Artist
Edmonia Lewis
American sculptor

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Edmonia Lewis
American sculptor
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Birth Date

1844

Death Date

1907

vvandine's picture

Contributor

Between being accused of poisoning two friends and racist 19th century America, Mary Edmonia Lewis took her sculpting talents to Rome.

With her death in London in 1907, Mary Edmonia Lewis’s will labeled her as a “spinster and sculptor.” Ah, the curse of being a spinster! But really, it was the sculptor part of Lewis’s identity that actually mattered to her. Lewis was an independent lady, leaving the States to hone her talents and pursue her career in Rome as well as Europe at large. What is so cool about Lewis is how interesting her life was and how her experiences informed her art.

Lewis was born around 1844 to a Native American mother and an African American father, living with her mother’s people the Chippewa (Ojibwe) for most of her early life. She is the first documented female sculptor of African American and Native American descent. Utilizing her own skills in art, financial support from her brother, and help from abolitionists, Lewis enrolled in Oberlin College where she studied art and was later accused of murder. Here's the dish:

So one wintery day, Edmonia and two gal pals were riding in a sleigh with two male companions. Sounds festive and harmless enough right? Well, Edmonia’s friends were slipped Spanish fly, a potent and often deadly aphrodisiac, and they died. The two friends as well as male companions/murderers (it’s obvious it was the dudes) were all white and Edmonia was put on trial for the murder. She was acquitted but understandably moved away to Boston where she was trained by sculptor Edward A. Brackett. Edmonia was a quick study, making a bust of an African American Civil War hero which she made over 100 copies of and sold for $15 each. Despite her initial success in the US, Edmonia set sail for Rome stating: “The land of liberty had no room for a colored sculptor.”

Edmonia established a life for herself in Rome with other expat female sculptors. Many of her sculptures made while in Europe had to do with themes back home such as the Emancipation Proclamation. Edmonia sculpted freed slaves out of white marble, the preferred medium of Neoclassical sculptors which was so abundant in Italy. She drew from her Native American heritage as well, sculpting women and men inspired by her early upbringing with her mother’s people. While Edmonia worked from Europe, she still drew from themes back home and submitted works to exhibitions back in the States.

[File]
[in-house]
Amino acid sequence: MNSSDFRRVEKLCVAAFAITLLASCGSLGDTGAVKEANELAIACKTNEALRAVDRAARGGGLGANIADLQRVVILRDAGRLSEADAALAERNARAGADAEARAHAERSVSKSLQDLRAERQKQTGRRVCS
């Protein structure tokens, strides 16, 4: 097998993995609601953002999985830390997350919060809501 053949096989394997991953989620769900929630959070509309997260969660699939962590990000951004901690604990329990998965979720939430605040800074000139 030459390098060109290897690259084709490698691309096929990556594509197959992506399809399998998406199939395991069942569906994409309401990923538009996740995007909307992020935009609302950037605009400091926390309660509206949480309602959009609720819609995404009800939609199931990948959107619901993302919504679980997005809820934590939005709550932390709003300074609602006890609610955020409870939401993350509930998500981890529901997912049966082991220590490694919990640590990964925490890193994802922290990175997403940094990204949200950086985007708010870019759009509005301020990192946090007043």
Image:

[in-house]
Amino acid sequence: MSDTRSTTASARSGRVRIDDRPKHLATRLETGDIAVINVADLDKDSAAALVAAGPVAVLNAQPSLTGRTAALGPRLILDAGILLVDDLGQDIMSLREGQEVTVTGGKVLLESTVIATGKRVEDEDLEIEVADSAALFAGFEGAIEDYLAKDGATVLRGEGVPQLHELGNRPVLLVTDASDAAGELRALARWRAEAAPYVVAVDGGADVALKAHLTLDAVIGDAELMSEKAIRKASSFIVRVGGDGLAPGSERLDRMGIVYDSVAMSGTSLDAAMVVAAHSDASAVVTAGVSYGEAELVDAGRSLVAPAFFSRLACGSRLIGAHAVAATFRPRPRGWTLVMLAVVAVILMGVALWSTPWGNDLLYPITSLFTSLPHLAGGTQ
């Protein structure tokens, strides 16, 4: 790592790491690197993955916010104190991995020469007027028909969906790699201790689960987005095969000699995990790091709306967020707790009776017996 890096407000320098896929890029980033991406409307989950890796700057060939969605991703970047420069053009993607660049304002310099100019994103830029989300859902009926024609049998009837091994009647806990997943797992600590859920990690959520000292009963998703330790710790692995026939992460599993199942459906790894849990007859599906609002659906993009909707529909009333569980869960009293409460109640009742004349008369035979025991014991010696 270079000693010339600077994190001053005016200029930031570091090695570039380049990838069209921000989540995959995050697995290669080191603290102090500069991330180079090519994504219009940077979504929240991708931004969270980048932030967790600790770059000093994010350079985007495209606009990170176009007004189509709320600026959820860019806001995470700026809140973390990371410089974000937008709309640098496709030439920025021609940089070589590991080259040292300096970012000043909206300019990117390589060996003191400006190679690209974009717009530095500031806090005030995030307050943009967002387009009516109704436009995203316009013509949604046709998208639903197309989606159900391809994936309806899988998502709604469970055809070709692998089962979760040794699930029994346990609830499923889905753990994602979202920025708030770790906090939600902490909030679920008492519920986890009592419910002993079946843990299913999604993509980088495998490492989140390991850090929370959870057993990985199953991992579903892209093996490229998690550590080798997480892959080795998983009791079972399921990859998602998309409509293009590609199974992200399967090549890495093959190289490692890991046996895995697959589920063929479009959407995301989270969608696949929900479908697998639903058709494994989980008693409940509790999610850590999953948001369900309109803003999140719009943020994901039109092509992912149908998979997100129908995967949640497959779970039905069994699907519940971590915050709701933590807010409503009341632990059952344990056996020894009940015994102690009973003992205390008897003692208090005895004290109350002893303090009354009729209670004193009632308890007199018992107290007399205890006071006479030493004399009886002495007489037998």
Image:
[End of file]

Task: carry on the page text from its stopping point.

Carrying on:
Getting through a murder trial and becoming a successful woman of color artist during the 19th century was no easy feat. So while Edmonia did die a “spinster” according to the century’s hatred of single women, she lived and worked the way that she chose, and that’s pretty badass.

Sources

Sources

  1. Buick, Kirsten. “The Ideal Works of Edmonia Lewis: Invoking and Inverting Autobiography.” American Art, Vol. 9, No. 2, (1995), 4-19.
  2. Holland, Juanita Marie. “Mary Edmonia Lewis’s ‘Minnehaha’: Gender, race, and the ‘Indian Maid.’ Bulletin of the Detroit Institute of Arts, Vol. 69, No. ½ (1995), 26-35.
  3. Gold, Susanna. “The Death of Cleopatra/ The Birth of Freedom: Edmonia Lewis at the New World’s Fair.” Biography, Vol. 35, No. 2 (2012), 318-341.
  4. Quinn, Bridget. Broad strokes: 15 women who made art and made history( in that order). San Francisco: Chronicle Books, 2017.
cli's picture

Contributor

As the first professional African-American female sculptor, Lewis lived a life tougher than marble.

She set the foundation for a future of black artists to rise out of obscurity, including Betye Saar and many others before her.

Born between 1843 and 1845, Lewis first graced the world with her chubby baby sculptor hands in upstate New York to an African-American father and a Chippewa Indian mother. After becoming orphaned before the age of five, Lewis stayed with her mother’s nomadic tribe until her brother struck rich in gold and helped send her off to school. In 1859, she attended Oberlin College in Ohio, where she dropped the name “Wildfire” and replaced it with “Mary Edmonia Lewis.”